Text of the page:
As parents, there are some things we need to do to make that happen. From as soon as they able to understand, we start teaching them about what church is and what we are doing when we gather for worship. This is part of discipleship. We teach them to be respectful and reverent in church. When they are able to read, we make sure they have a Bible and a Book of Praise. We make sure they start following along and that they are singing with the rest of the congregation. We teach them to do these things from when they are young. We do not tell them it is optional, that you can sing if you feel like it. No, we are all part of God’s covenant people and so we all sing together, young and old, good singers and not-so-good singers. When the collection comes, we have to make sure that our kids are actively participating in that element of our worship too. They can put money in the collection. That is part of worship too, something they can easily do to worship the LORD. Moreover, what about the sermon? Many times, the minister will work the kids into the sermon. Parents of covenant children should follow up on that and make sure their kids understand. God’s Word is for them too. You can often be surprised what kids pick up and we should encourage them to be listening to God’s Word as it is preached. It is for them too, as part of God’s covenant people they are also being addressed.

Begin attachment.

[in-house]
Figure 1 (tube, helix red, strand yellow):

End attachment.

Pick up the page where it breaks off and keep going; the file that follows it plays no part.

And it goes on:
Reflecting On and Improving Classroom Devotions

Bible-classroom

Last week I was invited to lead a workshop at the 2014 Canadian Reformed Teachers Association convention here in Hamilton.  The topic of my workshop was classroom devotions.  As I was preparing for it, I looked around for what others have written in terms of reflection on it.  There are lots of “classroom devotions” and such materials, but I could find very little on the principles and purpose, etc.  There is a chapter in John Van Dyk’s book Letters to Lisa: Conversations with a Christian Teacher.  There’s also an article in the Spring/Summer 2009 issue of the CRTA magazine Compass.  Aside from that, I didn’t find anything else and that was with the help of some of the faculty at the Covenant Canadian Reformed Teachers College.   By sharing my notes from last week’s workshop, I hope to offer a small contribution to help address this gap in the literature.  You can find it here.  


Book Review: Comforting Hearts, Teaching Minds

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Comforting Hearts, Teaching Minds:  Family Devotions Based on the Heidelberg Catechism, Starr Meade, Phillipsburg: P & R Publishing, 2013.  Paperback, $16.09, 255 pages.